A 5.3mm (0.2in) thick 4G phone has been announced by Japan’s biggest telecoms firm NTT Docomo, the BBC reports.
The compact device, which will be released in Japan next month, is designed to fit inside a card holder.
It is part of a trend to offer so-called companion mobile devices to those who already own larger smartphones.
The phone weighs 47g (1.6oz) and features an electronic-paper touchscreen, similar to e-books.
It will have limited functionality, with calls, texts and a net connection but no camera or facility to work with mobile apps.
The phone – dubbed Card Keitai KY-01L – will be made by electronics firm Kyocera.
The “simple, easy-to-carry” card phone is seen by NTT Docomo as a useful extra device for people who have already purchased large-screen smartphones.
NTT Docomo describes the mobile as the “world’s thinnest” but that claim is likely to be disputed by other phone makers.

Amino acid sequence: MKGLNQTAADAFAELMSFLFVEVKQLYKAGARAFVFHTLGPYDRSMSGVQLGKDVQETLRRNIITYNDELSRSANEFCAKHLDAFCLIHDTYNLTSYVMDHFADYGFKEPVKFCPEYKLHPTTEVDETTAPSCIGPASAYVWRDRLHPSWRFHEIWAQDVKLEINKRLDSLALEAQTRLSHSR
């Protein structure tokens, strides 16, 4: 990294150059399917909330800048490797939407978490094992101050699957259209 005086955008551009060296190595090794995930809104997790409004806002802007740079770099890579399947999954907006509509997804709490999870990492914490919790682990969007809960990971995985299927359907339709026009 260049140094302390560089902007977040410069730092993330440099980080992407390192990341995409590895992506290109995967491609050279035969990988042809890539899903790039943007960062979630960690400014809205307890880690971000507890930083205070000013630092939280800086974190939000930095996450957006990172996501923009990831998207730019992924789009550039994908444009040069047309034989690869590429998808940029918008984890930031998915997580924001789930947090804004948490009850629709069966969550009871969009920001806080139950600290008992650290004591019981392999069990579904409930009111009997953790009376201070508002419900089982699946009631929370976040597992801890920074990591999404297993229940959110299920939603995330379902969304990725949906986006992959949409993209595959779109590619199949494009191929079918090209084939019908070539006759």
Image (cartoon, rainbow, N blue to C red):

The Oppo R5 was 4.85mm thick when it was released in 2014, followed the same year by the Vivo X5 Max at 4.75mm.
And in 2016, Motorola released the Moto Z which was just under 5.2mm thick.
The KY-01L will cost 32,000 yen ($280, £216).
Ben Wood, chief analyst at research firm CCS Insight, said: “This flurry of so-called companion phones reflects the desire of phone makers to try and find new sales opportunities in a saturated market.
“A small companion phone looks like an appealing idea on paper but the devices tend to be a compromise and furthermore consumers have to pay for them over and above their existing smartphones as well as often requiring additional airtime fees too.”